HOW MUCH LONGER CAN THE SPORT OF MOTOCROSS GO ON WITHOUT NEW BLOOD? THE ANSWER? AS LONG AS THERE ARE OLD CODGERS WITH MONEY TO SPEND ON THE SPORT OF THEIR YOUTH.
BY JODY WEISEL
In a parallel universe, I would be a gray-haired college professor teaching gerontology to a bunch of students more interested in doing Jagerbombs than learning the importance of chi square in a scientific survey. I’d probably be wearing a cardigan, peering over reading glasses and attending staff mixers at the University of Texas. One thing for sure, in that alternative reality, I wouldn’t be taking any chances (save for flirting with the occasional young coed). That is life for men of my era, age, education and mindset. It was the life I was prepared for.
To me and my colleagues in the academic wonderland, the riskiest thing I would do was fail to publish an updated version of my seminal work on the “Local/Cosmopolitan Orientation Of Aged Blacks And Whites.” It would be a staid life made all the more secure by tenure and Social Security. When it comes to taking chances, the biggest risks people of my potential ilk take is to play poker, parasail at Sandals or take the Atlantis Submarine ride at Waikiki.
So here I am, barreling down a long, fast, steep and bumpy downhill on a 58-horsepower motorcycle chasing a bunch of men of a certain age. They could be dentists, insurance agents, car dealers or plumbers—but to me they are arch-rivals; enemies; competitors; and soon to be the honored dead (if only I can catch up to them).
In the parallel universe, we’d be sharing cocktails at the country club between a round of high-handicap golf—instead we are racing motorcycles at the highest level possible and at the oldest age imaginable.
THRILL WISE, WE ARE GETTING MORE THAN ENOUGH OF AN ADRENALINE RUSH TO POWER 100 DEFIBRILLATORS (WHICH THE GUY WE JUST
PASSED ON THE UPHILL LOOKS LIKE HE WAS GOING TO NEED
AFTER THE MOTO WAS OVER).
How did it come to this? For me it was a simple transition from future somber college professor to maniac motocrosser—I got paid to do it. And, there was a point where the money from racing motorcycles was greater than what North Texas State University was willing to pay me to teach Social Research Methods 101. So, I know why I’m still racing motocross when men of my age are busy groaning every time they get up off the couch. I’m a mercenary (a hired gun), but what is that 67-year-old Volvo dealer doing next to me? We are locked in combat with little to gain and a lot to lose.
Talent wise, Vet motocross racers are to Ken Roczen what the Mexican Air Force is the Blue Angels. But thrill wise, we are getting more than enough of an adrenaline rush to power 100 defibrillators (which the guy we just passed on the uphill looks like he was going to need after the moto was over).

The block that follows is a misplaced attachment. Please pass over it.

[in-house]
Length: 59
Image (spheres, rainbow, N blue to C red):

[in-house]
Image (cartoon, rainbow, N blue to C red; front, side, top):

Old guys going fast…that may sound good, but it isn’t exactly true. Perhaps, old guys going too fast is more accurate. We, and by that I mean every motocross racer over the age of 30, are the saving grace of American motocross. Think of it this way, in a motorcycle market where bike sales have gone down almost every year since the baby boomers turned 21—how much longer can the sport of motocross go on without new blood. The answer? As long as there are old codgers with money to spend on the sport of their youth. With $9500 motocross bikes, $130 tires and $600 helmets this isn’t a sport for the young at heart (and weak of pocketbook). Nope, you gotta be old to afford to race motorcycles, or cars, or airplanes, or offshore boats or just about anything short of strollers. The best thing about motocross is that it is cheapest Grand Prix-level sport in the world. For $10,000 men of a certain age can race on the same equipment as the high-paid stars of the sport and on the exact same courses. You couldn’t buy the tires for one pit stop in NASCAR for what it cost to do a full season of motocross.
MEN OF A CERTAIN AGE ARE VIRTUALLY POWERLESS IN OUR
YOUTH-OBSESSED CULTURE. TIME IS NO LONGER A FRIEND
AS MUCH AS ENEMY IN A SOCIETY THAT
FAVORS ABS OVER EXPERIENCE.
Men of a certain age are virtually powerless in our youth-obsessed culture. Time is no longer a friend as much as enemy. The psychological factors of growing old in a society that favors abs over experience can only lead to what is euphemistically called a “mid-life crisis.” There comes a time when knowing how to fix a washing machine means little in a consumer society where they just thrown broken things away and buy new ones. You know when you buy something that has electronic controls that there is no way you can ever fix it—that is something that your grand dad or father never had to consider. Things were never truly obsolete back in the good old days—now, not only are things obsolete but so are men of a certain age. They have skills, but no place to use them.